In the past few weeks, I’ve been involved in several conversations about the Creed; some about how it’s been life-changing as they deeply engage their faith, some articulating their disbelief in the words, some discerning how to more deeply connect to their belief in their spiritual journey.
From the Latin “credo,” the statements we declare are both a collection of beliefs and a summary of our faith; they define who we are as Christians. The three creeds we use as Anglicans have evolved and grown over time; with fascinating histories and academic study. The Apostles Creed, first attributed to the apostles (who allegedly wrote one line each) declares 12 articles of faith; the Nicene Creed addressed theological conflicts of the day, extending statements on the Holy Ghost and became the assertion of faith for baptism; the (longer and lesser used) Athanasian Creed focuses on the Trinity and Incarnation.
The creeds are a great way for the Church to identify itself; recognising that no matter what our individual differences we are one community in faith. They are broad enough to allow universal application and interpretation so as to have meaning to and for all. They are not merely words on a page, but an invitation to prayerful reflection of what it means to be a person of faith.
Much like the creeds themselves, our understanding of our faith grows and evolves over time. As our faith is influenced by life’s experiences, how we understand the creeds can shift. As such, we are encouraged to regularly consider the statement and seek ways for it to apply to our own unique circumstance. Part of my confirmation classes, and one of my regular spiritual exercises, is to carefully read the three Creeds, to pray over the words, and to write my own expression of belief. Every time I write one, it is different, because I am in a different spiritual space; yet every time I do so I am brought back to the core tenets of the faith that sustains me.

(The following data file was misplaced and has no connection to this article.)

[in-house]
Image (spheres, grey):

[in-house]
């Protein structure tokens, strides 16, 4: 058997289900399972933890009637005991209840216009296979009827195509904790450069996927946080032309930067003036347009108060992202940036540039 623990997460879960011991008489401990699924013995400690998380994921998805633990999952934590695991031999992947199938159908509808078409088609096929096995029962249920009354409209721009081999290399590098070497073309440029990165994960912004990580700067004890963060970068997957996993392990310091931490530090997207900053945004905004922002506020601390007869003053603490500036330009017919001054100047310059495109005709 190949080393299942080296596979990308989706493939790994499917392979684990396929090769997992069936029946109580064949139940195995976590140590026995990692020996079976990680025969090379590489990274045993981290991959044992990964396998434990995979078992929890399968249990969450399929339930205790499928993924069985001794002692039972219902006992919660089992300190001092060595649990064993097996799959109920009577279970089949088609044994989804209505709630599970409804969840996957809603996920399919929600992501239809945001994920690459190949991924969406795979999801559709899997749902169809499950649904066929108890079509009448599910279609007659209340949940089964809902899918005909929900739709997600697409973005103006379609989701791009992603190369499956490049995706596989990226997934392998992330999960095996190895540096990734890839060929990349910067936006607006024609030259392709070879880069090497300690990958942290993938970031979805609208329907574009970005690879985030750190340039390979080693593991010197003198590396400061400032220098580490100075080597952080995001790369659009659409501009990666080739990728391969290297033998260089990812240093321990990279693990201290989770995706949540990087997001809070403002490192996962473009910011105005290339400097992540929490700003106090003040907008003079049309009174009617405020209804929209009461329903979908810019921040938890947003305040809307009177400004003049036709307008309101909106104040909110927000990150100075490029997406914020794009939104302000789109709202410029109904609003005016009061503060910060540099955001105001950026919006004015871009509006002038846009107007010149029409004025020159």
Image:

The credal statements are powerful, and they are communal; in that way they are unifying. Even if/when we as individuals struggle with parts of the creed, we know that someone else in the community will be upholding that same point; and upon those aspects we are unwavering, someone else in the congregation may be questioning. The strength of the creeds are that the declaration is of the community: those gathered in body and in spirit. As ELCA Pastor Nadia Bolz-Weber says, “In a large group of people, for each line of the creed someone believes it. … It’s not my creed, it’s the Church‘s creed.”
The creeds are therefore vibrant, and transcend time and space. They are a gift of the church, they are a gift to the church, they are a gift by the church. I hope that as we declare our creeds this week in worship, that we all appreciate the richness that is given and continued in those words.